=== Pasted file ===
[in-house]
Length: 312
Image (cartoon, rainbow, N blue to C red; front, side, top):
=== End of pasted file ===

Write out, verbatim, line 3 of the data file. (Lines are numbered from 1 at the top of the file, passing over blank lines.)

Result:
Image (cartoon, rainbow, N blue to C red; front, side, top):